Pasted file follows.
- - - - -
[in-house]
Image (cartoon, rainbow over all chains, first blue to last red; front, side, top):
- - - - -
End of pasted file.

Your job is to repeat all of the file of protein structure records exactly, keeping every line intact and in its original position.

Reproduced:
[in-house]
Image (cartoon, rainbow over all chains, first blue to last red; front, side, top):